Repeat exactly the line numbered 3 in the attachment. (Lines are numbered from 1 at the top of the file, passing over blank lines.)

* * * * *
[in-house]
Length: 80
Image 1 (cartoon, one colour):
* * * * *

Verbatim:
Image 1 (cartoon, one colour):